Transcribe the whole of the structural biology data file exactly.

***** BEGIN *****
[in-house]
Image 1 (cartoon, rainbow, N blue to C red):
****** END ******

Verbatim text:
[in-house]
Image 1 (cartoon, rainbow, N blue to C red):